Alzheimer's Disease (AD) is the major public health crisis of our time. Based on the rationale that treatments are more likely to be effective before significant cognitive impairment has accrued, there is increased focus on intervening in preclinical or early prodromal stages. A major challenge for clinical trials in these populations is development of tools to determine if these interventions are effective. As the earliest neurodegenerative changes of AD are thought linked to the development of pathology within the medial temporal lobe (MTL), measures of episodic memory and imaging of this region may play a critical role in serving as a means for disease monitoring. However, ?normal? aging is also associated with both structural and functional alterations of the MTL, and episodic memory is one of the domains most saliently implicated in age-associated cognitive decline. The major goal of this proposal is to identify MTL-related features that distinguish normal aging from preclinical AD, as well as the factors that influence these differences. In light of structural, functional, and cognitive overlap in normal aging and preclinical AD, a more granular examination is necessary to better distinguish these conditions. Doing so is essential for effective disease monitoring that dissociates age-effects from those of evolving AD. Critically, the MTL consists of a number of inter-related subregions that have been associated with different aspects of memory and may be selectively vulnerable to aging versus preclinical AD. However, despite decades of work focused on the cognitive neuroscience of memory loss with aging, this more granular understanding of specific changes that occur within the MTL and related networks is lacking and the literature conflicting. We will address a number of methodologic issues with the prior literature that may account for this inconsistency. First, we will leverage our extensive experience in development of methods for MTL structural and functional measurement and take advantage of the improved resolution of 7 Tesla (T) MRI imaging over more standard clinical or research MRI scans. Second, we will obtain amyloid imaging to determine the presence preclinical AD, allowing us to isolate aging effects on its own. Third, we will comprehensively account for other factors that may influence MTL changes, including cerebrovascular disease (CVD), presence of neurofibrillary tangle (NFT) pathology independent of preclinical AD, and genetic factors. We will obtain sensitive markers of CVD with 7T MRI, NFT burden with Tau PET imaging, and SNPs associated with AD risk. Fourth, we will examine the cognitive effects of these changes with experimental memory measures. We anticipate that the detailed understanding of the effect of age on MTL structure and function will allow for definition of monitoring targets of preclinical AD and significantly enhance our understanding of mechanisms underlying age-associated memory decline.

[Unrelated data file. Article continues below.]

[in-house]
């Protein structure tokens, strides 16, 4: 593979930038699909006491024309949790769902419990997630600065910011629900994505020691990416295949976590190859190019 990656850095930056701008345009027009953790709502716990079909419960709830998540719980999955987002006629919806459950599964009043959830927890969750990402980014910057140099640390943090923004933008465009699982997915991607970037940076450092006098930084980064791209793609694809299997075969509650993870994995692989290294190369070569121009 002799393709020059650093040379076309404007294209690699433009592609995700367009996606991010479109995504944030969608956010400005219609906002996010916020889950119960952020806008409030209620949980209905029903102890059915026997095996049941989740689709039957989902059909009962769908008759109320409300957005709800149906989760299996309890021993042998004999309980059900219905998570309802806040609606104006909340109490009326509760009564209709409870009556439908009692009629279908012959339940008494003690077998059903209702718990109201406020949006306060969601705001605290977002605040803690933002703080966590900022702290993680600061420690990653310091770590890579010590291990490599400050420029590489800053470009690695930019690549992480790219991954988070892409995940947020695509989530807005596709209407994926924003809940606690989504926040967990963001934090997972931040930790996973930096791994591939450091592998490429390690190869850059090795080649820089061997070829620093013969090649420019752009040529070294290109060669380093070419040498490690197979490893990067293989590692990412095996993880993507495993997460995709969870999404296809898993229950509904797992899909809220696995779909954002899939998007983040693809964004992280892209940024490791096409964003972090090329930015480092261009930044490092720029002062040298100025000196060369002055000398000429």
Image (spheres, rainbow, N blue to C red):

Public Health Relevance

Despite the commonality of memory loss with aging and the ubiquitous finding of age-associated atrophy in the brain's primary memory center, the medial temporal lobe, a detailed understanding of how this structure is affected by aging and the factors the influence these changes is lacking. Furthermore, Alzheimer's Disease (AD) is also associated with injury to this structure and a more granular understanding of how the earliest stages of AD differ qualitatively from normal aging will enhance our ability to monitor disease progression in intervention trials targeting asymptomatic and early stage AD.

National Institute of Health (NIH)
National Institute on Aging (NIA)
Research Project (R01)
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Clinical Neuroscience and Neurodegeneration Study Section (CNN)
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Wise, Bradley C
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University of Pennsylvania
Schools of Medicine
United States
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Xie, Long; Das, Sandhitsu R; Wisse, Laura E M et al. (2018) Early Tau Burden Correlates with Higher Rate of Atrophy in Transentorhinal Cortex. J Alzheimers Dis 62:85-92
Das, Sandhitsu R; Xie, Long; Wisse, Laura E M et al. (2018) Longitudinal and cross-sectional structural magnetic resonance imaging correlates of AV-1451 uptake. Neurobiol Aging 66:49-58